Posted in Settings

Australiana Apocalyptica

A few weeks ago I started up a solo game of Apocalypse World with my wife. We liked it but decided we wanted something different for a solo game and would wait for another month or two to play Apocalypse World with our main group once we’re done with Prime Time Adventures. This post has some custom moves that we were planning to use and probably still will – feel free to do whatever you like with them. I’ve also written up some brief setting details for an Australian apocalypse.

I knew I wanted our Apocalypse World to be in Australia, where we live. Even ignoring Mad Max, this country is a pretty amazing place and I have lots of ideas about what it could be like after the end times. I’m sure Vam has even more, very specific ideas, but that’s a post for another day perhaps. I presented three settings to my wife and asked her which one she wanted to play in. Here they are:

  • Overpopulated skyscrapers overgrown with relentless rainforest in the wild northeast cities
  • Slimy labyrinthine docks at the clogged, poisoned harbour by a rusting once-great bridge
  • Clusters of peeling corrugated iron buildings, caked in red desert dust under a cancerous sun

She said, “the first one” then added “…but we’re not just in the skyscrapers, are we?”. I told her no, we wouldn’t be, it was just an image evocative of that part of post-apocalypse Australia. So, of course, that was the one I had the least ideas about but we both made a pretty good go of it and the setting came together. Here’s a brief run down:

Setting: Bane

Bane is a huge city extending outwards and upwards, remnants of civilisation overgrown by relentless rainforest. There was enough food here when the world ended, water too. And it was out of the cancerous sun, thanks to the Canopy. So everyone came. Everyone.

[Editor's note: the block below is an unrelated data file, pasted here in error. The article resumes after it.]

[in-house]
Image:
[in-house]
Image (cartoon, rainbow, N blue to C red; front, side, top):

Bane is big, but the rainforest claims back more and more each day and there’s less and less space for the booming population. Towering office buildings have turned residential. Dozen people to a room, hundreds lining hallways. And the Canopy: so many trees – some bigger than the buildings – that only the highest floors of the highest skyscrapers ever see sun and feel the breeze.

Everyone below lives in the Canopy’s sweltering eternal darkness. Pitch-black sauna, 24/7. Tensions run high, tempers thin. Fans are prized, ice is killed for. Vines get into everything, messing up what juice still flows through strangled wires. Then there’s the dream sap that pries open your mind, the bloodthirsty rainforest predators, the unpredictable cabal of brachiators, and hundreds of plants ready to kill you in any number of ways.

It’s not a matter of if you’ll die a sudden violent death, it’s when and how, and why anyone should care. It’s what you’ll do with your short sweaty existence before life kills you.


So, that’s our happy little apocalyptic world. For playing there, we’ve got two custom moves so far:

When you consume the dream sap, you open your brain to the psychic maelstrom.

When you wander around without light in the endless sweltering darkness under the canopy, roll+sharp. On a 10+, all 3: you get where you were going without incident. On a 7-9, choose 2:
– you don’t run into anyone you’d really rather not see right now
– you don’t get turned around, lost and delayed
– your scent doesn’t catch the interest of any rainforest predators

Feel free to use or change or do whatever to any of this. We’ll use it eventually, but if you use it first, I’d love to hear about it.

Posted in Musings

Australia in RPGs

Happy Australia Day!

Australia is basically a fantasy roleplaying setting come to life. We have devastating floods, fires, droughts and incredible dust storms. We have fantastical animals, many of which are deadly and/or poisonous. Platypus, I’m looking at you. We have deserts, rainforests, snowy mountains and coral reefs. Australia is beautiful, deadly and a great source of inspiration for gamemasters. So, to celebrate Australia Day I’ve collected Australia-related roleplaying links and inspirational links from around the webosphere for your perusal.